Remember that political ad in which the White House phone rings at 3 a.m. and someone has to answer? I know the experience. Sort of.
My phone call came late one afternoon. The caller, a church attendee I knew only casually, said he was at the hospital where his wife, Josie, was dying of cancer and might not last the night. Could I come right away?
Even though this call came many years ago, I'm still embarrassed when I remember that my first thought was something like: Where is our pastoral care staff person? I don't do hospitals. I'm the one who preaches, who leads, who casts vision. Oh, and I'm the one always telling people (from the pulpit) that I love them and care for them.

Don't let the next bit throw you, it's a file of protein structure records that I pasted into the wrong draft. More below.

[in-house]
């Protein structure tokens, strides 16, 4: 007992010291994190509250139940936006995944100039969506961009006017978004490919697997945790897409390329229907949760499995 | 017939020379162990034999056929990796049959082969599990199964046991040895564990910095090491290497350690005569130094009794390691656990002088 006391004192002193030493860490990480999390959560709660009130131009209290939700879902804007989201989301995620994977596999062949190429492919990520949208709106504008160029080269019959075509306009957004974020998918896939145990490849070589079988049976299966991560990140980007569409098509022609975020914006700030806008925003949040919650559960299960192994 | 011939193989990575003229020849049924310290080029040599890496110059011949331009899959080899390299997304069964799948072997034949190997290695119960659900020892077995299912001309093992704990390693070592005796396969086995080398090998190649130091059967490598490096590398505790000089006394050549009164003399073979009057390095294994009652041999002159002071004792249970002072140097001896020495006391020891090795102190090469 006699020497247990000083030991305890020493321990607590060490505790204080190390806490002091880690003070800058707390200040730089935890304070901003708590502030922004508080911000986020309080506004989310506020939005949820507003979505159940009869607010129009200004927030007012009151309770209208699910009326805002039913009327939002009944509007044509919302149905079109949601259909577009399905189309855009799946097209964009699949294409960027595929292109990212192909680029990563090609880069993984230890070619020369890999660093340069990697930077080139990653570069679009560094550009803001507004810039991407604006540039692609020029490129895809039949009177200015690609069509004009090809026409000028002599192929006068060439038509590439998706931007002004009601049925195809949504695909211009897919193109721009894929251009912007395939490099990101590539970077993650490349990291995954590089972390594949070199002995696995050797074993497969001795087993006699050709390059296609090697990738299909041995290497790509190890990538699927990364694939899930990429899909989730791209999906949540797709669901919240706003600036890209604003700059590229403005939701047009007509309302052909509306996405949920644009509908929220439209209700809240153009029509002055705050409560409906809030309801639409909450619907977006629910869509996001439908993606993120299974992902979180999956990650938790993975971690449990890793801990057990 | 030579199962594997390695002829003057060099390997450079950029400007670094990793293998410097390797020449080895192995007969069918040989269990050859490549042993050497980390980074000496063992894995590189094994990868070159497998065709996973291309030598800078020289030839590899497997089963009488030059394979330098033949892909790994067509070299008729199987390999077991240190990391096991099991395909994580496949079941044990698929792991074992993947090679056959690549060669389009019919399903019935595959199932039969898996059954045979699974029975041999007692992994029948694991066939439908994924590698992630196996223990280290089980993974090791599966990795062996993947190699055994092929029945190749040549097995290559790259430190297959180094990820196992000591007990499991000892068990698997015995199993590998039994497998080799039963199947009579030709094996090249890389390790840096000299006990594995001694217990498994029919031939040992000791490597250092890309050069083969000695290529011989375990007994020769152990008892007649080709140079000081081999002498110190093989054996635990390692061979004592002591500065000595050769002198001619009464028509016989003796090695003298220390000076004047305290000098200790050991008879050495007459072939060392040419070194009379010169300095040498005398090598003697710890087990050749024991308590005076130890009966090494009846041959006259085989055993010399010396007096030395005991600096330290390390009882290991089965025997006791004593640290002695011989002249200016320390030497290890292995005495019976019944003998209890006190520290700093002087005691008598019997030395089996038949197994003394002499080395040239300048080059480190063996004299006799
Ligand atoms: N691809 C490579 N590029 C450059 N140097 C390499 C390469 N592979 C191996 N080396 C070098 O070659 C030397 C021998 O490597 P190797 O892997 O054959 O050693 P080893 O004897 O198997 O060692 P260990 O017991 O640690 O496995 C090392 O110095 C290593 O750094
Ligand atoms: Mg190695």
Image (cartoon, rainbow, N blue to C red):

The caller said his dying wife was terrified. Despite the sedatives she'd been given, she was almost violent and could hardly be restrained. "Perhaps you can say something to her that will help her to relax and go to sleep," he said.
The hospital was a 20-minute drive. As I arrived, a family friend met me and escorted me to the room. On the way she described how Josie was thrashing about in fear. Occasionally she would scream. No one, the friend said, knew what to do. Even the doctors and nurses seemed stymied.
I took a deep breath and entered the room. There were maybe eight people around the bed: a doctor or two, nurses, Josie's husband and a daughter. Then I saw Josie in the bed.
"Josie!" I said as I approached. I said her name firmly, as if to establish my presence with some authority.
"Pastor Mac!" she responded. The circle broke as everyone stepped back to make room for me.
Frankly, I wasn't sure what was appropriate for the moment. It's awkward when even the physicians relinquish their space at the bedside to me. All I can remember is that something ...